Thinning hair is one of the most common reasons for women to see their Dermatologist and perhaps the one that causes the most worry and distress. In discussing hair loss and its causes with patients, their biggest concerns tend to be a worry that it could be a sign of something worse and worries whether they can get it to grow back.
Is thinning hair and hair loss common at a certain age?
It is normal to experience thinning of our hair as we get older. Aside from genetics, there is a hormonal component at play here as well. As women go through menopause, there is less estrogen and progesterone. This leaves our hair more susceptible to the effects of androgens. These hormones thin the hair and slow down its growth.
It should also be noted that certain autoimmune conditions (frontal fibrosing alopecia and lichen planopilaris) that cause hair loss also become more common after the age of 40. These conditions result in inflammation at the base of the hair follicles that can actually scar the hair follicle and has a risk of permanent hair loss. I believe this condition is underdiagnosed as I see it quite often and find that it is best to start treatment early to prevent long term hair loss.
What types of things commonly cause women to lose hair?
Although many people are focused on their family history for hair loss, the reality is that as many as 2/3 of women after the age of 50 will likely experience hair loss from hormonal changes that come from menopause alone. When estrogen and progesterone levels drop, androgens in our blood stream can have more of an impact in reducing hair growth.
Autoimmune conditions are also more common in women and can result in permanent hair loss if not treated early. To visualize autoimmune conditions I tell my patients to think of their scalp as like a farm. If there is inflammation in the skin, then it cannot grow a good hair follicle. We need to treat the scalp to allow the hair to grow normally.
Medications are another common source of hair loss. Non steroidal antiflammatory medications (NSAIDs) and thyroid medications are thought to be triggers.
Stress, any kind of stress- physical, mental, or emotional- can trigger hair loss by shedding. Crash dieting, surgeries, family stress, new jobs, having the flu, long distance travel, etc - this one can be tough for women to identify as a trigger because there is often a delay of 3 to 6 months after the stress before shedding is noted. Normally, without stress, 80% or so of our hair is growing while the rest is resting. When a major stress occurs, then there is a shift in the hair cycle of growth. Suddenly less hair follicles are stimulated to grow. Our actively growing hair is rooted pretty deep in our scalp. It can take a few months for the shut down in hair growth to show itself as actual hair loss. Ironically in some cases the ‘loss’ phase is actually the result of a new hair follicle growing in behind the old and pushing it out. The new hair follicle is a tapered new ‘peach fuzz’ type of hair, however. It can take months for it to coarsen and grow to catch up to where you were before.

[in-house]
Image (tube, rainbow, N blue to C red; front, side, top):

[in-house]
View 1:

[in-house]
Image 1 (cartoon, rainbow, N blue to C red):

Vitamin deficiencies such as iron deficiency and vitamin B12 deficiencies have been linked to thinning hair as well.
Tips on how to grow a fuller, thicker head of hair
The first step towards fuller, thicker hair is diagnosing the cause of thinning or loss. A thorough history and physical exam by your dermatologist will help you identify the most likely triggers to address these directly. If there is an autoimmune component, for example, this can be partially managed by certain medications by mouth or scalp injections. Identifying any other factors such as low thyroid, vitamin deficiencies, etc can at least take away other factors inhibiting hair from growing to its full potential.
Fuller, thicker hair can be achieved by two methods. Trying to get more hair to grow and/or trying to make our current hair appear ‘thicker’.
To try to get more hair to grow, consider adding minoxidil topically to your daily routine. I know many hesitate to use it, however, it truly does work. It can widen the barrel of each hair to make them coarser. It could trigger new growth but at the very least it will help avoid further loss. I’m honest with my patients when I tell them I have used minoxidil for years. Most men in my family lost much of their hair early on so I decided to start using minoxidil preventatively.
If there is a strong hormonal component, more post menopausal women are starting to see some benefits from taking an oral medication. The two used are spironolactone (a blood pressure medication) and finasteride (men have used this for years).